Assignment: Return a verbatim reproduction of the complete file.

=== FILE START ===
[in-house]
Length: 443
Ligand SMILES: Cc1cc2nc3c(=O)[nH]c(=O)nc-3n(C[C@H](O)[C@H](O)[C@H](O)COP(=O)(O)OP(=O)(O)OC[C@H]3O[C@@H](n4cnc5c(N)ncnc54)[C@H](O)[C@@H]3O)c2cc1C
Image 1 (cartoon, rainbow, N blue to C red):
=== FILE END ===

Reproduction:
[in-house]
Length: 443
Ligand SMILES: Cc1cc2nc3c(=O)[nH]c(=O)nc-3n(C[C@H](O)[C@H](O)[C@H](O)COP(=O)(O)OP(=O)(O)OC[C@H]3O[C@@H](n4cnc5c(N)ncnc54)[C@H](O)[C@@H]3O)c2cc1C
Image 1 (cartoon, rainbow, N blue to C red):